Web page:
I love working in the countryside, come rain or shine there is always the potential for something interesting to appear around the next corner. You are also never short of something new to learn about. Regular readers will remember that for the last few years we have been undertaking a reintroduction scheme for sand lizards on Black Down.

sand lizard hatchlings 10 2013 resized

We have been working with the Amphibian and Reptile Conservation Trust releasing hatchling lizards (seen above) to an area of specially managed heathland in the hope that this fascinating and rare species would manage to reestablish itself on the hill.

Natural England estimate that they have been lost from over 80% of their former range, they are a classic heathland species and we really wanted to do our best to provide a safe refuge for them.

So for the last three years each year we have released handfulls of pretty tiny lizards onto the heath wondering if we would ever see them again.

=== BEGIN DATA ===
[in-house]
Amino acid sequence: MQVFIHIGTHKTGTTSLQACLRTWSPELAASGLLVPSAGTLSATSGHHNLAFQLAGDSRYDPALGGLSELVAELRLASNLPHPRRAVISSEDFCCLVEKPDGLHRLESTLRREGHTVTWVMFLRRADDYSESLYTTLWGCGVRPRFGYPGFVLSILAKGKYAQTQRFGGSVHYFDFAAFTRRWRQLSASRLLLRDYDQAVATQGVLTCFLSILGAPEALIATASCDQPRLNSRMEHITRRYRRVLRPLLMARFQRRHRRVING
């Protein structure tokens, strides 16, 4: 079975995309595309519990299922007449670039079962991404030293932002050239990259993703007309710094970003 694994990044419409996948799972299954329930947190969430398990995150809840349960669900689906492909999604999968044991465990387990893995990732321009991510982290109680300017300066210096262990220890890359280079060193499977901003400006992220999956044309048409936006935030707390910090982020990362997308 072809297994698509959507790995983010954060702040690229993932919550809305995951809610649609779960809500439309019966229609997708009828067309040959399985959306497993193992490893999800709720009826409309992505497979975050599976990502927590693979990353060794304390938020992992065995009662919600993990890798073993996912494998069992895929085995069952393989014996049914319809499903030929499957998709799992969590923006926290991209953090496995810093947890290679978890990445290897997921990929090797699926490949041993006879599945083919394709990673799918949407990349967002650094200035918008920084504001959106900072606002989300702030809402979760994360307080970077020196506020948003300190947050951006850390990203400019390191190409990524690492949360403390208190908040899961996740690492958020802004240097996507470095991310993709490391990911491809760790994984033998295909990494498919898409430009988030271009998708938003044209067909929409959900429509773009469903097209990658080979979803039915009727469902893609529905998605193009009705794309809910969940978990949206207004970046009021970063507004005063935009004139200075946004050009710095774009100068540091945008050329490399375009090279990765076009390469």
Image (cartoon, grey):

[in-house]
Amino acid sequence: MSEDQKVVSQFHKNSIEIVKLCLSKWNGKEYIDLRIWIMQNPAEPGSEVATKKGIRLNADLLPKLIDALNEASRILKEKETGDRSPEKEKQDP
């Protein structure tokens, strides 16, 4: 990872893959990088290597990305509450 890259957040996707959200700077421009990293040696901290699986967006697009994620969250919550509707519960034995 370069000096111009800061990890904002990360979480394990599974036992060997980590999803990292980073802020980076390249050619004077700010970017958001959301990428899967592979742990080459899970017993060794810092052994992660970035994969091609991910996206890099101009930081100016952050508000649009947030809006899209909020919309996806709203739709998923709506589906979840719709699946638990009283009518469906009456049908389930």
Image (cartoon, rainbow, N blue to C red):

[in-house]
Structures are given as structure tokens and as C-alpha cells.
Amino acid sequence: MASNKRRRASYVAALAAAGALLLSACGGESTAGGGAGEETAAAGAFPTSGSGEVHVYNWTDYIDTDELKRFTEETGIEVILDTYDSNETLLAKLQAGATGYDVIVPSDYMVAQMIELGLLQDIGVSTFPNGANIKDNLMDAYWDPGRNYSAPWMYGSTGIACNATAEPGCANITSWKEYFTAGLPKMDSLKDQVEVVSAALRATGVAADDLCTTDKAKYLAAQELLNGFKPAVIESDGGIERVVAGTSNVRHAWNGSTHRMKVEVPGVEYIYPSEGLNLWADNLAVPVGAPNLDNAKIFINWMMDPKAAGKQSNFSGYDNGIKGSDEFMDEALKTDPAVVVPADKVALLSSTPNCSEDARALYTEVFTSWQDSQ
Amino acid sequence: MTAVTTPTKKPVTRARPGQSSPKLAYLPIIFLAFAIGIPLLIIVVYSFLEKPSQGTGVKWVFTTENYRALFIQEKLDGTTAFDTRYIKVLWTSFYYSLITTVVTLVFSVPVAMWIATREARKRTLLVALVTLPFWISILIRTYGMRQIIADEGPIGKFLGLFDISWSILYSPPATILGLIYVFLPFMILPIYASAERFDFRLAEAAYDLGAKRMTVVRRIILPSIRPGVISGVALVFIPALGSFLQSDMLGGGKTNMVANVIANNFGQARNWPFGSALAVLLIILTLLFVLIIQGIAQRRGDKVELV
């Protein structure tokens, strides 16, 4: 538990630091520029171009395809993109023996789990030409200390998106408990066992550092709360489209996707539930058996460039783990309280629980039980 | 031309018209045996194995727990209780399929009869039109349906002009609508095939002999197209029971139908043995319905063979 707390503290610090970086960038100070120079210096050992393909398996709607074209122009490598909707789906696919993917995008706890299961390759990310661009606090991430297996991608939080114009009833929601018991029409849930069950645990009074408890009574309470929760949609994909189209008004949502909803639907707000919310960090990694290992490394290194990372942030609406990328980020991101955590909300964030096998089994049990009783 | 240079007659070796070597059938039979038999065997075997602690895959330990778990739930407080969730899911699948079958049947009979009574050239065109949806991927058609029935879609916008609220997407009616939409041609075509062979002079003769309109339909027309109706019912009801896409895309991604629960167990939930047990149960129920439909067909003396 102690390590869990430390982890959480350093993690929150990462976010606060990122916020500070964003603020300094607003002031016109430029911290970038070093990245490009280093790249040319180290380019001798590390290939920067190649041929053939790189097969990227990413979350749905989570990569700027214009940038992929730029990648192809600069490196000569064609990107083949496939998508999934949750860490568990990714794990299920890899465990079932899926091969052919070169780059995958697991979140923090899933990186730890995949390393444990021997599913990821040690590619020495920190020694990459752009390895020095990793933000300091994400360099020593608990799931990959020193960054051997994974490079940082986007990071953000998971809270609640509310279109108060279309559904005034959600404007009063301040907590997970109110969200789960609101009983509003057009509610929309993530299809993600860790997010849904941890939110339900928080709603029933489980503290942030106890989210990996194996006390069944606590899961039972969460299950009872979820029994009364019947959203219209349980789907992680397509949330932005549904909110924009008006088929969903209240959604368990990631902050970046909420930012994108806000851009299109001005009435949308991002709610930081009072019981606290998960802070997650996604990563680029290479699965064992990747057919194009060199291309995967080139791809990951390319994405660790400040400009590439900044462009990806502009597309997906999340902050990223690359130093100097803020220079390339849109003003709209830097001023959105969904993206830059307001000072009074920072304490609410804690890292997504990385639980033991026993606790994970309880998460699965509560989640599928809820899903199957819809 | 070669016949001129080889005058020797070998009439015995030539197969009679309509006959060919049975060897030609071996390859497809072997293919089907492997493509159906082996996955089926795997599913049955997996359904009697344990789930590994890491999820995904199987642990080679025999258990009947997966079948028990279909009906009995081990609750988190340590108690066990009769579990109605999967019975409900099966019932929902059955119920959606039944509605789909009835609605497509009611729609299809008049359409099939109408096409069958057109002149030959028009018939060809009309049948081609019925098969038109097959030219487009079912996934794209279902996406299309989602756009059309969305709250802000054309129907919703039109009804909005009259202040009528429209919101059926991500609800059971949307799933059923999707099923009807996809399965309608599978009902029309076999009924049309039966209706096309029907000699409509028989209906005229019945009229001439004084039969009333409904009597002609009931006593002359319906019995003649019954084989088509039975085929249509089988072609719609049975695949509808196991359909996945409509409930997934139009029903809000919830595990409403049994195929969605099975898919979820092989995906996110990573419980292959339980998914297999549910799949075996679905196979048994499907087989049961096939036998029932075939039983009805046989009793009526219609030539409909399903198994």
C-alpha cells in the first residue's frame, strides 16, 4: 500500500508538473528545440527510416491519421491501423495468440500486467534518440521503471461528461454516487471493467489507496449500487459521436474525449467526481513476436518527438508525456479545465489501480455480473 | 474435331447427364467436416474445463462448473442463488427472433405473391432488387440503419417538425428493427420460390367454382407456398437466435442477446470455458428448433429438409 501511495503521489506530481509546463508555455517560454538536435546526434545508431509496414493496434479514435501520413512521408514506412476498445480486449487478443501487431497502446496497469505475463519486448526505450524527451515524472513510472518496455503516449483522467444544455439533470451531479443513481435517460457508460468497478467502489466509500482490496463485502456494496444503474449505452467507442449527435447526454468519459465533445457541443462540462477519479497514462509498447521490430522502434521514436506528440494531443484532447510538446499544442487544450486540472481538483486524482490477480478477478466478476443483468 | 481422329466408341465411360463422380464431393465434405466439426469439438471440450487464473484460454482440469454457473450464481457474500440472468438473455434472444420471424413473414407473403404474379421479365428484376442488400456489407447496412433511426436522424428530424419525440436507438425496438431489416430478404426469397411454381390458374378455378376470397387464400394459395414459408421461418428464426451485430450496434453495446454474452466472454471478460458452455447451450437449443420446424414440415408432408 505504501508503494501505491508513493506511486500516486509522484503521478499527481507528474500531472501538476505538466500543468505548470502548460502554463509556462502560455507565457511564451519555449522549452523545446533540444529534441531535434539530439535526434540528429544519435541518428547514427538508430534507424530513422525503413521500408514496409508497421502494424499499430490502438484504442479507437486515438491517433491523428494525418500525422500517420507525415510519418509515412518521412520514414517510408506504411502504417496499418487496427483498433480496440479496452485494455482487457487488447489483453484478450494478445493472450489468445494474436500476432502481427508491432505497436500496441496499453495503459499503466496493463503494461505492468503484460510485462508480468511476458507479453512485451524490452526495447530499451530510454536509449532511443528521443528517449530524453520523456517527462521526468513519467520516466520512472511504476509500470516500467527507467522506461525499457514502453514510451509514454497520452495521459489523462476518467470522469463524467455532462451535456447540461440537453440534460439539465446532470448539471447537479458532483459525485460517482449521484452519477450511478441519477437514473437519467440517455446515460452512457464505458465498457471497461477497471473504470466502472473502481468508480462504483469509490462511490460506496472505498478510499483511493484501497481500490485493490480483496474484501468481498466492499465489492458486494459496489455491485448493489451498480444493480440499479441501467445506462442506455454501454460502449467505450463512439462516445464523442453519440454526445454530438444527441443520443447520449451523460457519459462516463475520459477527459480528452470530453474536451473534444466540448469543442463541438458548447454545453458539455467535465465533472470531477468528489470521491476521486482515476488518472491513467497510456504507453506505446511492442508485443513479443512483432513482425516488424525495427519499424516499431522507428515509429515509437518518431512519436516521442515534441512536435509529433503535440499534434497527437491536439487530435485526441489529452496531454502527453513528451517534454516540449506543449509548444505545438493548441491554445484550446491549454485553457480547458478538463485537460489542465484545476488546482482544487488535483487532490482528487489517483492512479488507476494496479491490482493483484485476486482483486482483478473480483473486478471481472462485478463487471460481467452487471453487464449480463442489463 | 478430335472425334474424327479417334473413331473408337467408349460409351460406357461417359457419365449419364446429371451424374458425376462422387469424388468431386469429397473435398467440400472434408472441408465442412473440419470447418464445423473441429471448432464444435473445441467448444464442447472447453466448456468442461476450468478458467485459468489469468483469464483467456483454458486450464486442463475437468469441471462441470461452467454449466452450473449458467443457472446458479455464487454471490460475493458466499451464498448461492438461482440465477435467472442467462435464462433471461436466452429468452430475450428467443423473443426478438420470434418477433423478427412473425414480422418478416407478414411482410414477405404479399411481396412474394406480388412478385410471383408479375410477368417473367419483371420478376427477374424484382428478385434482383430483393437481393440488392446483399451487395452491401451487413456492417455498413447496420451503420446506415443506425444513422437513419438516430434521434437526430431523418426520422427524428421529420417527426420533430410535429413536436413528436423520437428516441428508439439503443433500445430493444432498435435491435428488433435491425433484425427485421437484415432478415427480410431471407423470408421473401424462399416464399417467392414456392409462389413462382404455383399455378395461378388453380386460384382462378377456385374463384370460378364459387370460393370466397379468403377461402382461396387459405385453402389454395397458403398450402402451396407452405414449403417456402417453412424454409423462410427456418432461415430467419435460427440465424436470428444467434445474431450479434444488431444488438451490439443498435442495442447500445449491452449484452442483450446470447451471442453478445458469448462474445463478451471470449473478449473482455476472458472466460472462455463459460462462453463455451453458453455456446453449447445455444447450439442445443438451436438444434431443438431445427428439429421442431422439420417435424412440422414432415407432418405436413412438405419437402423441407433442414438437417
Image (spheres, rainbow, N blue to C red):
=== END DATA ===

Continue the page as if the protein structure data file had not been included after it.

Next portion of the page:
sand lizard mb resized

Trouble is the little perishers are pretty much impossible to find until they get to maturity at about 3 years of age. This is when the males develop their fantastic vibrant green colouration. So… this year is the first time we have had chance to see whether the reintroduction has worked…

The winters have been pretty harsh, and various predators were bound to have had quite a few of them, but had any survived?

Well, yesterday, whilst working on the hill Matt discovered the answer, tucked in amongst the heather was a little green wildlife wow, a male sand lizard decked out in his mating finery.

S Lizard 2013 resized

It is great news for our largest and rarest lizard that it is establishing itself in a new home, and great news too for Black Down and all the people who worked so hard to make it happen.